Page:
“I’m here,” she says, crunching through the glass and appearing beside me. “Can you call me ‘Bit,’ please, Infinity?” she asks me. “It’s weird when you call me by my last name.”
I look down at her freckle-peppered button nose and those big, brown, defenseless-baby-rabbit eyes.
“No,” I say. Her bunny eyes narrow and throw daggers at me.
“Where do we go from here? Left or right?” I ask.
Otto looks up and down the hallway, if you can really call it that. It looks more like a makeshift passage that’s been roughly carved through a cave made of diamonds. “I don’t know,” she replies.
“I thought you had a map memorized?”
“I do,” she insists. “I know where every building and structure is on the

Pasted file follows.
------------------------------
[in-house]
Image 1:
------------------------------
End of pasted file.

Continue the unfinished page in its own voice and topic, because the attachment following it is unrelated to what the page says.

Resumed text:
. But we’re one level underground. If we were on the other side of the clean room, I’d probably be able to get us back to the elevator, but this isn’t the door that the Drone brought you and I through, ah . . . I mean, me and . . . you know what I mean,” she says sheepishly.
“Shut up. I know what you mean,” I say.
“We can go back through and try my door?” suggests Otto.
“We might not need to,” I reply. I turn around and survey the miserable excuses for civilians that are standing behind me. They’re looking sorrier for themselves than a bunch of toothless vampires at a bloodsucking contest. Well, all except for the Ryan kid. He’s eyeballing me with a fierce intensity. I eyeball him right back, and he shifts his glance angrily to one side.
“Listen up. Which one of you came in through this door? It had a big number two written on it.”
The husky kid starts snickering to himself. “Number two,” he mutters under his breath.
“You think this is funny?” I ask, staring straight at him. “Your classmates are dead, you could be next, and you’re standing there grinning like a juvenile idiot.”